Tap Vs Bottled Water
In recent times bottled water has become the preferred way for consumers to meet their water intake. Western Australians are the biggest consumers of bottled water in the country, with the most recent data indicating that 30% of us are drinking bottled water every week. But why do we do it? Some are concerned about the risk of contamination in our tap water but the greatest area of debate is whether or not we really need to be adding fluoride to our drinking water. So is one really safer or more healthy than the other?
Benefits of Tap Water
In WA we have one of the lowest risks of water borne disease in the world. Water quality is closely monitored and must meet standards set by the Department of Health. In general, tap water must undergo regular testing while most bottled water is only tested once a year.
Tap water is much cheaper than bottled water, costing only $2 per 1000L which is less than you would pay for the average 500ml of bottled water. Tap water is also the environmentally friendly choice, with the plastic bottles contributing to the pollution of our oceans and other forms of environmental contamination from the manufacturing of plastic.
Is Fluoride Safe?
Fluoride is a mineral found naturally in all water sources in varying degrees but is added to drinking water to optimise the health benefits. Most bottled water does not contain fluoride aside from small amounts that occur naturally. The main benefit of fluoride is its role in the strengthening of teeth and prevention of tooth decay.
There is a circulating myth that fluoride can cause cancer, however this is not supported by evidence. The only known risk associated with excessive fluoride consumption is fluorosis, a staining of the teeth that only occurs during childhood when the teeth are developing. Fluoride levels in drinking water are monitored to ensure they do not exceed levels that can contribute to fluorosis. In WA, fluoride levels are kept well below the recommended upper limit considered to be safe. Toothpaste is more likely to cause fluorosis than drinking tap water, particularly if children are swallowing toothpaste instead of spitting it out.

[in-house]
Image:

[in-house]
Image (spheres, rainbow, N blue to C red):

A Lack of Fluoride and Risk of Dental Caries
There is some concern over the relationship between an increase in the amount of children exclusively drinking bottled water and an increase in dental caries, however this may also be a result of increased consumption of sugary beverages. There is a small amount of evidence that the role of fluoride in dental health is somewhat overemphasised. So while fluoride in water is perfectly safe and does contribute to the strength of teeth, a lack of fluoride in drinking water does not necessarily mean you will develop dental caries, particularly when fluoride is readily available in toothpaste.
So it one better than the other?
As far as health and safety is concerned, not really. Both bottled and tap water are perfectly safe and which one you choose to drink may come down to preferences in taste, price, convenience or environmental consciousness. People concerned by the potential risk for environmental contamination of their residential drinking water can buy their own filtration systems, however most filtration systems do not filter out fluoride and nor should they need to. At the end of the day water should be our go to beverage and it doesn’t matter if you get it out of the tap or a bottle.
This article was written by Katherine Ramsden, Nutritionist at Nutrition Force
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